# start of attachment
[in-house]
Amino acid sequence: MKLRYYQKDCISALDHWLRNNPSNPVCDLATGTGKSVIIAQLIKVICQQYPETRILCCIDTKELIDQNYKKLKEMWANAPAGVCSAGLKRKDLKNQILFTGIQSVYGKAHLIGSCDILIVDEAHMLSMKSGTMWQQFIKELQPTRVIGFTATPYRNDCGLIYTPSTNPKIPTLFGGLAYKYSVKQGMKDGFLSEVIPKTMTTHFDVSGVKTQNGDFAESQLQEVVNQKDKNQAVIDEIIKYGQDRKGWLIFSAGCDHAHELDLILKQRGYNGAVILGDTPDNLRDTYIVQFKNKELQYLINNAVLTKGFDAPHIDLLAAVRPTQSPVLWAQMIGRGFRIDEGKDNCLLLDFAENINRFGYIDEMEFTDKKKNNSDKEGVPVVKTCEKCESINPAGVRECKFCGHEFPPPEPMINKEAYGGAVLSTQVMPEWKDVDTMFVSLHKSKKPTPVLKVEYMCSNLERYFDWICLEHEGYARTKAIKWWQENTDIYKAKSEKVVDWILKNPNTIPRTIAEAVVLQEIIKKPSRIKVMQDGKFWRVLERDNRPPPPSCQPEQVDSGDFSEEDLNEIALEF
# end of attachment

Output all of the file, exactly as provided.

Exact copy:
[in-house]
Amino acid sequence: MKLRYYQKDCISALDHWLRNNPSNPVCDLATGTGKSVIIAQLIKVICQQYPETRILCCIDTKELIDQNYKKLKEMWANAPAGVCSAGLKRKDLKNQILFTGIQSVYGKAHLIGSCDILIVDEAHMLSMKSGTMWQQFIKELQPTRVIGFTATPYRNDCGLIYTPSTNPKIPTLFGGLAYKYSVKQGMKDGFLSEVIPKTMTTHFDVSGVKTQNGDFAESQLQEVVNQKDKNQAVIDEIIKYGQDRKGWLIFSAGCDHAHELDLILKQRGYNGAVILGDTPDNLRDTYIVQFKNKELQYLINNAVLTKGFDAPHIDLLAAVRPTQSPVLWAQMIGRGFRIDEGKDNCLLLDFAENINRFGYIDEMEFTDKKKNNSDKEGVPVVKTCEKCESINPAGVRECKFCGHEFPPPEPMINKEAYGGAVLSTQVMPEWKDVDTMFVSLHKSKKPTPVLKVEYMCSNLERYFDWICLEHEGYARTKAIKWWQENTDIYKAKSEKVVDWILKNPNTIPRTIAEAVVLQEIIKKPSRIKVMQDGKFWRVLERDNRPPPPSCQPEQVDSGDFSEEDLNEIALEF